2008, the year of the frog

The endangered boreal toad is filing getting its awareness campaign, as zoos, botanical gardens and aquariums around the world have designated 2008 as the year of the frog. As part of the global campaign to draw awareness to the rapid extinction of amphibian species — including the locally-threatened boreal toad — those willing can download a frog mating call as ring tone for your cell phone. But the chirps, ribits and croaks that have long been such an integral part of the soundscape in ponds and wetlands are quickly going silent in nature. Up to 50 percent of the known 6,000 species of amphibians are threatened with extinction, including Colorado’s boreal toads, once plentiful across the state’s mountains, but now found only in a few isolated spots. Nobody knows for sure why amphibians are dying off so suddenly. The most recent research suggests a fungus is one of the main factors, but water pollution and habitat loss also play a role. Whatever the cause, scientists are doing all they can to slow the loss, described as the most sudden wave of extinction ever seen. Summit County was once considered a stronghold for boreal toads, with several breeding populations that persisted through the initial wave of chytrid infection. But the latest surveys have been discouraging. As biologists scour local ponds and wetlands, they have been finding fewer signs of toad reproduction. As part of the conservation effort, the worldwide coalition of biologists is developing an amphibian ark project, maintaining select species in captivity until they can be secured in the wild. The captive management strategy is a stopgap component of an integrated conservation effort. The sudden die-off is all the more surprising given that amphibians watched dinosaurs come and go. Frogs and toads are voracious predators when it comes insects and larvae, devouring adults and juveniles to help keep populations of disease-carrying bugs in check. In turn, amphibians are a food source for other animals like birds. Some scientists also consider amphibians to be an aquatic version of the proverbial canary-in-the-coal-mine. With super-sensitive skin, they may be predictors of subtle environmental changes that could affect human health in the long-term.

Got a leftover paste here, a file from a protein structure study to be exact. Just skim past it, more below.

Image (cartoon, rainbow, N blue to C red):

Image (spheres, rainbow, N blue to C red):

Colorado efforts
Even before the year of the frog, Colorado was leader in amphibian conservation. Several years ago, the Colorado Division of Wildlife started breeding boreal toads in an aquatic laboratory near Alamosa and releasing them into suitable sites in the wild. Summit County could one day be part of that effort, as the Colorado Division of Wildlife eyes the Cucumber Gulch wetlands near Breckenridge as a potential release site. The biologically rich complex of beaver ponds near the base of Breckenridge Ski Area once had a thriving population of boreal toads, but recent surveys turned up only a couple of adults, with no signs of breeding activity. Though Summit County’s toads seem to be dwindling, there are some pockets of toad populations that are still healthy. “We definitely have some areas that are holding their own,” said Tina Jackson, herptile coordinator for the state wildlife agency. “Overall, we are holding steady.” But there is plenty of reason for concern. Even though scientists have found several previously undiscovered populations of boreal toads in the state recently, others have blinked out. “We’d like to see the numbers go up,” Jackson said.

It’s not clear why some toad populations have survived the chytrid fungus, but part of the answer may lie in genetics. Jackson said ongoing genetic research should help unravel the mystery. Some of Colorado’s toads may have a built-in resistance to the fungus. Those animals could help rebuild populations across the state. Meanwhile, Jackson said the Year of the Frog is going a long way toward helping raise public awareness of the threat.“I’m getting a lot more questions from the public. People want to know what they can do in their own backyard,” Jackson said. The Colorado Division of Wildlife has released lab-bred toads in several sites, including the Grand Mesa, near Grand Junction. Researchers are carefully monitoring those locations to find signs of successful reproduction. The toads released at Grand Mesa are reaching an age when they should start breeding, Jackson said. She explained that the cold-blooded animals take several years to reach sexual maturity. Even though the area has tested positive for the chytrid fungus, the toad seem to be surviving, which may support the hypothesis that there is some innate genetic resistance among some amphibians.

Fun frog facts
Colorado has 16 native amphibians and six have been identified as species of special concern, facing environmental threats. The northern leopard frog is being considered for listing as a threatened or endangered species. Tina Jackson, herptile coordinator for the Colorado Division of Wildlife, says amphibians are threatened by the “entire gamut of environmental wetlands issues we've been talking about for years, including water pollution. habitat loss, invasive species and climate change.” According to Jackson, the latest threat comes from pharmaceuticals finding their way into the water. Various chemical used in products for humans are feminizing male frogs, she said. via summitdaily.com

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